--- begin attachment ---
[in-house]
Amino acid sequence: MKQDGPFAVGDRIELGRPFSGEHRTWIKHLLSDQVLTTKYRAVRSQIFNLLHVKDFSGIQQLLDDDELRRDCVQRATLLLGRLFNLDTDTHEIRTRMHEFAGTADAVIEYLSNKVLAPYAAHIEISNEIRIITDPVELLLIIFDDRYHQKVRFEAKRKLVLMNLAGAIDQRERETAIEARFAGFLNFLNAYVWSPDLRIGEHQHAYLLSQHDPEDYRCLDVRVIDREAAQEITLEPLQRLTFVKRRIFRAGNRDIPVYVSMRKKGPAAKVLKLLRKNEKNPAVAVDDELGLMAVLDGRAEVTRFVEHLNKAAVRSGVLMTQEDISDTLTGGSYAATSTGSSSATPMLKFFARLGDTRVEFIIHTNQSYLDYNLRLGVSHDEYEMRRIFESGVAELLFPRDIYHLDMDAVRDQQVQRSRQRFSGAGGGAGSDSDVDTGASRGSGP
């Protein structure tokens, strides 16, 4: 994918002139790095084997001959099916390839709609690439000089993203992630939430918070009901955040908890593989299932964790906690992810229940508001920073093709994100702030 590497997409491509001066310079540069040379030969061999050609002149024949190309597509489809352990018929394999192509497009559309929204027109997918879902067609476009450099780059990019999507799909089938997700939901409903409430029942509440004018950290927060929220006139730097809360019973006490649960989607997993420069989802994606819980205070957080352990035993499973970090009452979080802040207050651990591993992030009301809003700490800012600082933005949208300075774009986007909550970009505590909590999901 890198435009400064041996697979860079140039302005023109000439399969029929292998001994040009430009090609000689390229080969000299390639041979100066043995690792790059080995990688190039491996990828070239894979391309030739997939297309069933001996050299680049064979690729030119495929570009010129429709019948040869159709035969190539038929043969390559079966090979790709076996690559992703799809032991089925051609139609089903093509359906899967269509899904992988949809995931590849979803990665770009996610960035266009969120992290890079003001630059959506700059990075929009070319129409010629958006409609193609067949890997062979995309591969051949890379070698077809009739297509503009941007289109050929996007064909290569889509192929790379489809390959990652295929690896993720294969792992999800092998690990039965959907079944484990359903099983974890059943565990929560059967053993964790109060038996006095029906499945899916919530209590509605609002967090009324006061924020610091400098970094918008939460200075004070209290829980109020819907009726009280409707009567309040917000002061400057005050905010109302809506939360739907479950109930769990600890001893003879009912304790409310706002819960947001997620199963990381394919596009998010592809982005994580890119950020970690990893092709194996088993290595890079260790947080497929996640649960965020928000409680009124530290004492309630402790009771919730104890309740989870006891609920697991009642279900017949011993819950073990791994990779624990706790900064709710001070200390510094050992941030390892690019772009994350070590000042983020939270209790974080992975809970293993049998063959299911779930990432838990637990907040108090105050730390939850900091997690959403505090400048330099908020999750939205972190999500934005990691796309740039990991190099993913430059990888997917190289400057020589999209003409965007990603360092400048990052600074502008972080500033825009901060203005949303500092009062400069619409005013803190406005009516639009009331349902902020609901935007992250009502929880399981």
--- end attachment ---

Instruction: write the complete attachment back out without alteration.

[in-house]
Amino acid sequence: MKQDGPFAVGDRIELGRPFSGEHRTWIKHLLSDQVLTTKYRAVRSQIFNLLHVKDFSGIQQLLDDDELRRDCVQRATLLLGRLFNLDTDTHEIRTRMHEFAGTADAVIEYLSNKVLAPYAAHIEISNEIRIITDPVELLLIIFDDRYHQKVRFEAKRKLVLMNLAGAIDQRERETAIEARFAGFLNFLNAYVWSPDLRIGEHQHAYLLSQHDPEDYRCLDVRVIDREAAQEITLEPLQRLTFVKRRIFRAGNRDIPVYVSMRKKGPAAKVLKLLRKNEKNPAVAVDDELGLMAVLDGRAEVTRFVEHLNKAAVRSGVLMTQEDISDTLTGGSYAATSTGSSSATPMLKFFARLGDTRVEFIIHTNQSYLDYNLRLGVSHDEYEMRRIFESGVAELLFPRDIYHLDMDAVRDQQVQRSRQRFSGAGGGAGSDSDVDTGASRGSGP
């Protein structure tokens, strides 16, 4: 994918002139790095084997001959099916390839709609690439000089993203992630939430918070009901955040908890593989299932964790906690992810229940508001920073093709994100702030 590497997409491509001066310079540069040379030969061999050609002149024949190309597509489809352990018929394999192509497009559309929204027109997918879902067609476009450099780059990019999507799909089938997700939901409903409430029942509440004018950290927060929220006139730097809360019973006490649960989607997993420069989802994606819980205070957080352990035993499973970090009452979080802040207050651990591993992030009301809003700490800012600082933005949208300075774009986007909550970009505590909590999901 890198435009400064041996697979860079140039302005023109000439399969029929292998001994040009430009090609000689390229080969000299390639041979100066043995690792790059080995990688190039491996990828070239894979391309030739997939297309069933001996050299680049064979690729030119495929570009010129429709019948040869159709035969190539038929043969390559079966090979790709076996690559992703799809032991089925051609139609089903093509359906899967269509899904992988949809995931590849979803990665770009996610960035266009969120992290890079003001630059959506700059990075929009070319129409010629958006409609193609067949890997062979995309591969051949890379070698077809009739297509503009941007289109050929996007064909290569889509192929790379489809390959990652295929690896993720294969792992999800092998690990039965959907079944484990359903099983974890059943565990929560059967053993964790109060038996006095029906499945899916919530209590509605609002967090009324006061924020610091400098970094918008939460200075004070209290829980109020819907009726009280409707009567309040917000002061400057005050905010109302809506939360739907479950109930769990600890001893003879009912304790409310706002819960947001997620199963990381394919596009998010592809982005994580890119950020970690990893092709194996088993290595890079260790947080497929996640649960965020928000409680009124530290004492309630402790009771919730104890309740989870006891609920697991009642279900017949011993819950073990791994990779624990706790900064709710001070200390510094050992941030390892690019772009994350070590000042983020939270209790974080992975809970293993049998063959299911779930990432838990637990907040108090105050730390939850900091997690959403505090400048330099908020999750939205972190999500934005990691796309740039990991190099993913430059990888997917190289400057020589999209003409965007990603360092400048990052600074502008972080500033825009901060203005949303500092009062400069619409005013803190406005009516639009009331349902902020609901935007992250009502929880399981």